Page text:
Dr Melanie Chan, Senior Lecturer in the School of Cultural Studies and Humanities at Leeds Beckett, is looking for volunteers to share their stories and experiences of discovering recipes.
Dr Chan explained: “After my recent public talk at Leeds Central Library on the growth in popularity of cookery apps, I am starting a new research project about cookbooks, apps and recipes. This will explore how people obtain recipes - are they passed on to you by family or family members, or through television cookbooks, apps or vlogs? Do you use a cookery app? If so, which apps do you find useful and why? If not, would you have a go at using an app? Would you use an app rather than a cookery book or use them both for different reasons?”
Dr Melanie Chan
Dr Chan is looking for volunteers to take part in one-on-one informal interviews around these topics, lasting around half an hour, at Leeds Beckett’s city centre campus. These will take place in early 2018. To take part in the research, or for more information, please contact Dr Chan by Friday 15 December.
Dr Chan said: “Food and cookery impact on our daily life in all sorts of ways, from comfort eating to strict dieting. We have varied opinions and strong feelings about what to eat. Today, there are many conflicting messages about food and cookery. Celebrity cooks such as Jamie Oliver encourage us to cook our meals from scratch. Indeed, Jamie’s latest television programme, Quick and Easy, makes cooking seem fun and achievable.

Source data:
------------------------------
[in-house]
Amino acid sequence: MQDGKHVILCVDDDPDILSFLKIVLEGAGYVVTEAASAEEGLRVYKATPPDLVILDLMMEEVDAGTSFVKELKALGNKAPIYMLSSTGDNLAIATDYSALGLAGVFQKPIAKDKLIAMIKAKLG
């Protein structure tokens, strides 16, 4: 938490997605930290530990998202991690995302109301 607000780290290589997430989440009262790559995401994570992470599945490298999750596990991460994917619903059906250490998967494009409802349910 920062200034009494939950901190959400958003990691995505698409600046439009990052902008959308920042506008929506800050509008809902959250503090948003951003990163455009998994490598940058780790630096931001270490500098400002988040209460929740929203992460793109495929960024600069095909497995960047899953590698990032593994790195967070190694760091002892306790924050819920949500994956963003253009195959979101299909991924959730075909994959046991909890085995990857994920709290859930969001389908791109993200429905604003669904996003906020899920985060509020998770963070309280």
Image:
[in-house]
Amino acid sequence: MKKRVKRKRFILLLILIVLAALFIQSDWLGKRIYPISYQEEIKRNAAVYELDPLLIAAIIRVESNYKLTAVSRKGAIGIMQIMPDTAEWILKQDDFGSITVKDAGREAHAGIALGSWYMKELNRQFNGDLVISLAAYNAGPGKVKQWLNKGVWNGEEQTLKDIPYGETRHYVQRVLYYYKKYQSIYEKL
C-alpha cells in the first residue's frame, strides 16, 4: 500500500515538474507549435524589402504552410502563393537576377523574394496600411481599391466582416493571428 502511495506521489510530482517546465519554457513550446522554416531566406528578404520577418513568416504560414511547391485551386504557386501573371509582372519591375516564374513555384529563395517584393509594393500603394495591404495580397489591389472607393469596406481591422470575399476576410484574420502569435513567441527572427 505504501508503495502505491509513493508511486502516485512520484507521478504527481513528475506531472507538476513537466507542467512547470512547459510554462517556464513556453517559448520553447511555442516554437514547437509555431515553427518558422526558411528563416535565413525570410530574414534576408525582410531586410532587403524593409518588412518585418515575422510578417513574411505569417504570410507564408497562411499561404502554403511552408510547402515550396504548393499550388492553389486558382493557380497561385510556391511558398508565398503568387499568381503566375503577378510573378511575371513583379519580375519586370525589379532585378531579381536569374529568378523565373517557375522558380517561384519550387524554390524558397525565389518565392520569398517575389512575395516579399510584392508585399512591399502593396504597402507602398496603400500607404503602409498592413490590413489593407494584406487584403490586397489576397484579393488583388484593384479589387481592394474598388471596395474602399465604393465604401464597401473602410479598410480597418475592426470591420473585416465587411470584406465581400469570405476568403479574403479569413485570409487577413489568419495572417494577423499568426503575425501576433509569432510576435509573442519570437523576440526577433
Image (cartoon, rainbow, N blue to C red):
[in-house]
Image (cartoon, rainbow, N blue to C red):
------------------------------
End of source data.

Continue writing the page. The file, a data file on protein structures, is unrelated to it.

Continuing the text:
“Celebrity cookbooks are best-sellers and include lavish photographs of delectable dishes and lifestyles. Lifestyle gurus such as Deliciously Ella (Ella Mills) promote vegan recipes and lifestyles through YouTube videos and her recipe blogs. On the other hand, people are spending a great deal of money on convenience food such as ready-meals and fast food. I am looking forward to finding out what really works for people and how they are engaging with the many different types of media available to them for finding inspiration for their cooking.”